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Marimba

struck idiophone

The Guatemalan marimba de tecomates on figure 1 ('gourd marimba', also called the marimba de arco) is a recent acquisition of the American collections of the musical instrument museum in Brussels. In the early 1980s expats brought the instrument, which measures about 1,5 meter in length, to Belgium.

Notwithstanding its close ties with the Maya culture, the marimba de tecomates can hardly deny its African roots. Like the West-African balafo and the Congolese manza, to name a few, this instrument consists of a single row of tuned wooden slats suspended over gourd resonators in a wooden frame. The whole instrument is kept together by vegetal chords and small wooden pegs and sticks. No nails are involved, no glue has been used. Small holes are made into the gourds onto which pieces of pig gut (now lost) used to be glued with wax, to create a buzzer effect (charleo; e.g. compare with the bolange from Sierra Leone, fig. 2). Traces of wax can be noticed on the keys; the addition of wax served to change the pitch of the key.

An arc used to be attached to the instrument, with the player sitting within the arc (fig. 3). Compare, for example, with the manza of the Zande people in the RDC at the beginning of the 20th century, where the arc, however, holds the keyboard against the sitting musician, separating him from the keyboard (fig. 4). A one leg, wooden fork holds up the opposite side and keeps the instrument in balance. As can be seen in figure 5 the branch of the arc has been cut off later on, probably for transport reasons. The marimba de arco was amongst the earliest marimbas played in Central America.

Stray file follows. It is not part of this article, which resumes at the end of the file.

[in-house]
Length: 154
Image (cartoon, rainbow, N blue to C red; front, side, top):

The instrument of the mim has 24 keys and as many gourds, one suspended under each key, the common number of the marimba de arco. A single musician plays the gourd instrument, usually in rituals, and produces relatively simple melodies in traditional rhythms. Under the influence of European repertory the tuning is no longer penta- or heptatonic, but diatonic.

Research has pointed out that the African marimba was introduced to the Americas along the Pacific coastal areas of Costa Rica and Nicaragua and travelled from the coastal slave settlements to the Guatemalan highlands. Colonial archives from the 17th and 18th century refer to the importation of large numbers of African slaves to Guatemala to provide labour on the indigo plantations.

The marimba de tecomates became closely tied to the Maya culture in Guatemala. The oldest existing references to the instrument in the Guatemalan highlands state that it has been played since 1680 by Indians in the multi-ethnic settlements (pajudes) around the old capital city of Guatemala, Santiago de los Caballeros. According to Sergio Navarrete Pellicer, in his study on the Maya music, the early adoption of the marimba by indigenous societies is "a testimony to the early cultural and racial mixing of African, Spanish and Indian populations".[1] In those pajudes, dance, music, and song were shared during moments of rest and entertainments and on religious holidays. These conditions induced cross-cultural exchanges and created the fertile ground for the development of the Guatemalan indigenous version of the marimba. The origin was African, the repertory played on it was mostly European and the performers were predominantly Indian. Local songs, influenced by European genres, were soon identified as "typically indigenous". By 1769 the marimba, alongside the caramba (mouth bow), was already seen as being played solely by Indians. Indian musicians still consider playing the marimba an expression of the continuity of ancestral tradition (see also the video mentioned below) - playing the marimba is communicating with past generations, it has a spiritual dimension.